Vitamin D: not just the bone. Evidence for beneficial pleiotropic extraskeletal effects


Vitamin D is a fat-soluble vitamin and a steroid hormone that plays a central role in maintaining calcium-phosphorus and bone homeostasis in close interaction with parathyroid hormone, acting on its classical target tissues, namely, bone, kidney, intestine, and parathyroid glands. However, vitamin D endocrine system regulates several genes (about 3 % of the human genome) involved in cell differentiation, cell-cycle control, and cell function and exerts noncalcemic/pleiotropic effects on extraskeletal target tissues, such as immune and cardiovascular system, pancreatic endocrine cells, muscle, and adipose tissue. Several studies have demonstrated the role of vitamin D supplementation in the prevention/treatment of various autoimmune diseases and improvement of glucose metabolism, muscle, and adipose tissue function. Hence, this review aims to elucidate the effects of vitamin D on extraskeletal target tissues and to investigate the potential therapeutic benefit of vitamin D supplementation among a broad group of pathological conditions, especially with regard to metabolic and autoimmune diseases. In addition, we focused on the best daily intakes and serum levels of vitamin D required for extraskeletal benefits which, even if still controversial, appear to be higher than those widely accepted for skeletal effects.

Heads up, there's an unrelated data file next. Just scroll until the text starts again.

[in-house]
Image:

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Fig. 1
Fig. 2


VD3 :

Vitamin D3



25(OH)D3 :

25-Hydroxyvitamin D3

1,25(OH)2D3 :

1,25-Dihydroxyvitamin D3


Vitamin D binding protein


Vitamin D receptor


Parathyroid hormone


Bone mineral density


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Caprio, M., Infante, M., Calanchini, M. et al. Vitamin D: not just the bone. Evidence for beneficial pleiotropic extraskeletal effects. Eat Weight Disord 22, 27–41 (2017).

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  • Autoimmune diseases
  • Hashimoto thyroiditis
  • Multiple sclerosis
  • Glucose metabolism
  • Adipose tissue
  • Obesity
  • Diabetes
  • Skeletal muscle
  • Eating disorders
  • Anorexia nervosa